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Paxton Says Fear of COVID-19 Not Enough to Be Eligible for a Mail-In Ballot

Texas Attorney General Ken Paxton wants to clear up any confusion about mail-in ballots, and he is doubling down on restrictions on requesting mail ballots if voters are afraid of contracting COVID-19 by voting in person. 

Paxton provided guidance on what qualifies to be eligible for a mail-in ballot and what doesn’t in a letter last Friday to county judges and county election officials.

“Based on the plain language of the relevant statutory text, fear of contracting COVID-19 unaccompanied by a qualifying sickness or physical condition does not constitute a disability under the Texas Election Code for purposes of receiving a ballot by mail,” he wrote. 

Two separate lawsuits are challenging his position.

To receive a ballot by mail, Paxton’s letter continues, the voter has to have a sickness or physical condition, and the sickness or physical condition has to prevent the voter from appearing in-person without needing personal assistance or appearing in-person doesn’t mean injuring the voter’s health.

“The integrity of our democratic election process must be maintained, and law established by our Legislature must be followed consistently,” Paxton said in an article by Houston Public Media Friday. “My office will continue to defend the integrity of Texas’s election laws.”

But there is concern for voters’ health. 

“The simple fact is that no Texan should have to choose between their health and exercising their fundamental right to vote,” said Thomas Buser-Clancy, a senior staff attorney with the ACLU of Texas, a civil rights group.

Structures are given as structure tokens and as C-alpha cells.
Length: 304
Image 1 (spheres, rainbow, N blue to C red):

Lawsuits and Mail-in Ballots

At the end of March, the Texas Democratic Party filed a lawsuit against the Texas Secretary of State and Travis County Elections in Travis County District Court to protect mail-in vote access. The party’s website states the lawsuit was to demand a declaratory judgment that allows all eligible voters who believe their health is in danger under the threat of COVID-19 the ability to cast their ballot by mail if they so choose.

Despite the pending lawsuits, Harris County is moving forward with $12 million in additional funding to roll out and expand ballots by mail for the July 14 primary runoff, and perhaps for millions of Texas voters in the November presidential election.

Harris County Attorney Vince Ryan stands by the legal advice given to Harris County officials that a lack of immunity to COVID-19 constitutes a legitimate physical condition.

Ageism and Mail-in Ballots

In San Antonio ageism is on the table. A lawsuit in federal court for age discrimination was filed by six people between the ages of 18 and 28, who according to Texas Public Radio, claim the Texas election code violates the 26th Amendment’s protections against discrimination based on age because  people 65 and older can request a mail-in ballot but younger voters can’t. 

What Do Voters Want?

“We need a federal law that gives all voters the right to request a mail-in ballot,” Renato Mariotti, a legal commentator on major national news events, wrote on in a tweet on Saturday.
“Mail-in ballots should be thumb printed. This shouldn’t be a problem since you can’t get an ID in Texas without it,” one tweet said on Sunday. Here is a sample of reactions to Paxton’s letter.

RA Staff
RA Staff
Written by RA News staff.


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